Marie Alohalani Brown, Ph.D.

Kahoʻolawe Access: Sacred Island of Kanaloa

Associate Professor

Curriculum Vitae
Personal Website

Office: Sakamaki A-305
Office hours: By appointment
Phone: (808) 956-2440

Background and Research Interests
I was raised in Mākaha on Oʻahu a Kākuhihewa but my ʻŌiwi ancestral roots begin in Hoʻokena at the foot of the Mauna Loa volcano on Hawaiʻi a Keawe. I grew up in a very large family (my grandmother had eleven siblings), most of whom embraced our traditional beliefs and belief-related practices. I bring these cultural insights to bear upon my study of nā mea Hawaiʻi (things Hawaiian).

I am a world traveler, having visited over thirty countries, which includes living in Tokyo for four years and Rome for sixteen. I speak four languages to varying degrees of fluency (English, Italian, Hawaiian, and French). Students in my classes are welcome to write their papers in Hawaiian. My thesis, written in Hawaiian for an M.A. in Hawaiian Language, was a treatise on moʻo, a class of Hawaiian reptilian water deities who once held substantial roles in nearly every sector of Hawaiian society, and whom many ʻŌiwi continue to honor. My thesis is the largest compilation of traditional and current information regarding these deities. My dissertation was a life-writing project, which chronicled the life and contributions of John Papa ʻĪʻī, a significant figure in nineteenth-century Hawaiʻi. My first book, Facing the Spears of Change: The Life and Legacy of John Papa ʻĪʻī, published in May 2016, is based on my dissertation.

For the last decade, I have carried out extensive research in Hawaiian-language newspapers published between 1834 and 1948, a semi-public forum in which ʻŌiwi shared their knowledge and debated about the important topics of their time. In particular, I have gathered many moʻolelo (a narrative genre that includes belief narratives, life writing, and historical treatises), which ran as weekly or daily series for a year or more. For example, I gathered the account of Ka-Miki, which ran for four years with more than two hundred installments, and shared it with people who were interested in studying it. Our moʻolelo continually demonstrate that our ancestors did not sharply distinguish between legends and history, but wove them together in the most beautiful of ways. Most importantly, moʻolelo are much more than a narrative genre because they serve as receptacles or archives of and vehicles for transmitting ancestral knowledge, and they offer deep insights into ʻŌiwi ways of knowing and being. Many of the moʻolelo I have gathered, which offer important insights into Hawaiian religion, are not widely known because no one has every republished or translated for a wider audience.

Current Research

Additionally, I am researching the dynamicity and continuity of Hoʻomana Hawaiʻi. There is an overwhelming amount of evidence for the continuity of Hawaiian religion even after the Kapu System was officially abolished in 1819 and despite the massive efforts to Christianize ʻŌiwi from 1820 onward. This evidence is found in missionary journals, letters, and reports, and in the Hawaiian-language newspapers. Part of this research is included in my article “Mauna Kea: Hoʻomana Hawaiʻi and Protecting the Sacred,” in the Journal of Religion, Nature, and Culture 10.2 (August 1, 2016): 150-169. 2016. Lastly, I am preparing a textbook based on my course reader for REL 205 Understanding Hawaiian Religion, a core class that I teach every semester.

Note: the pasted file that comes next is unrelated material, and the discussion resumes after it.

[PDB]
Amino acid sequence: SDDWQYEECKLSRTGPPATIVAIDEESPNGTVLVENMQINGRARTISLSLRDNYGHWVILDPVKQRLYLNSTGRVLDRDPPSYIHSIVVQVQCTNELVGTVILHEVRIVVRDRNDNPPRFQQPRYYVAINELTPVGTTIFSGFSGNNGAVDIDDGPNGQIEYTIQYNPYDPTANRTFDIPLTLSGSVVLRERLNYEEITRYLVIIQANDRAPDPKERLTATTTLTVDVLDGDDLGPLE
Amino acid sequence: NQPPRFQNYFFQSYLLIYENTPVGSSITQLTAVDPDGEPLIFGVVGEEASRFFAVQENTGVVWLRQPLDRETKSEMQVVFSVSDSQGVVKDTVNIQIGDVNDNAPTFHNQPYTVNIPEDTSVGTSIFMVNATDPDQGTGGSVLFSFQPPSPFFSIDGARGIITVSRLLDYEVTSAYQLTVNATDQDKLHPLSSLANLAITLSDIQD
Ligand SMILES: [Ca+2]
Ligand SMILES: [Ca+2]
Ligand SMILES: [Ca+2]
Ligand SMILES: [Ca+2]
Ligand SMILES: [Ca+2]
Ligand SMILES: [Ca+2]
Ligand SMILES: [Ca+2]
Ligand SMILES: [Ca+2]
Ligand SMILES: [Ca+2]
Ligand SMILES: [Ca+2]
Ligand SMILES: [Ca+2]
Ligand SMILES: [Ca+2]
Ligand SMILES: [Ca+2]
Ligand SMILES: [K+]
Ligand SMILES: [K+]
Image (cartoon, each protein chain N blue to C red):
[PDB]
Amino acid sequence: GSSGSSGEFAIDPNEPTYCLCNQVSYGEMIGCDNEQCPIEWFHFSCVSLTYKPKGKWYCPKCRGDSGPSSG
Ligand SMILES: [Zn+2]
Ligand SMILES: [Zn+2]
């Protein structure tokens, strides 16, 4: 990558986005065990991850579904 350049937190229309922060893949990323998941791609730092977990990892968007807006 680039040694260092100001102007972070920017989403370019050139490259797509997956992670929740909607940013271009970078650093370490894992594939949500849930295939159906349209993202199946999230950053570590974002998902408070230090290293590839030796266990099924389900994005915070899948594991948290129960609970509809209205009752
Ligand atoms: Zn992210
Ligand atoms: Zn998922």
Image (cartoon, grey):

Facing the Spears of Change: The Life and Legacy of John Papa ʻĪʻī  This book takes a close look at the extraordinary life of John Papa ʻĪʻī. Over the years, ʻĪʻī faced many personal and political changes and challenges in rapid succession, which he skillfully parried or grasped firmly and then used to fend off other attacks. He began serving in the household of Kamehameha I as an attendant in 1810, when he was ten. As an attendant, ʻĪʻī was highly familiar with the inner workings of the royal household. He went on to become an influential statesman, privy to the shifting modes of governance adopted by the Hawaiian kingdom. ʻĪʻī’s intelligence and his good standing with those he served resulted in a great degree of influence with the Hawaiian government, with his fellow ʻŌiwi, and with the missionaries residing in the Hawaiian Islands. At the end of his life, he also became a memoirist and biographer, who published accounts of key events in his own life and in the lives of others during the sixty years that he served his kings, his nation, and his people. As a privileged spectator and key participant, his accounts of aliʻi and his insights into early nineteenth-century Hawaiian cultural-religious practices are unsurpassed. ʻĪʻī’s life narrative provides the context for understanding Hawaiian history, culture, and religion, and a point of departure for future discussions on the same. Notably, religion is one of the key threads that form the fabric of ʻĪʻī’s existence, and this biography lays the foundation for future analysis on the Kapu System before and after its official abolishment in 1819, but also how certain ʻŌiwi negotiated the transition from Hoʻomana Hawaiʻi to Christianity—or conversely—how certain others continued to practice Hoʻomana Hawaiʻi, and kept beliefs and belief-related practices alive.

Selected Articles

Constructing the Ahu at UH Manoa

Community Service

For several years now, I have offered my services as a photographer to the ʻŌiwi community to document our events—whether political marches, religious gatherings, protests, demonstrations, testimonies, poetry readings, conferences, or celebrations. I take thousands of photos and distribute the best ones free of charge through social media networks.


Mo’o Mo’olelo – Mo’o Stories video presentation delivered for the Keauhou-Kahalu’u Education Group

Courses Regularly Taught

For complete course descriptions see UH Mānoa Course Catalog.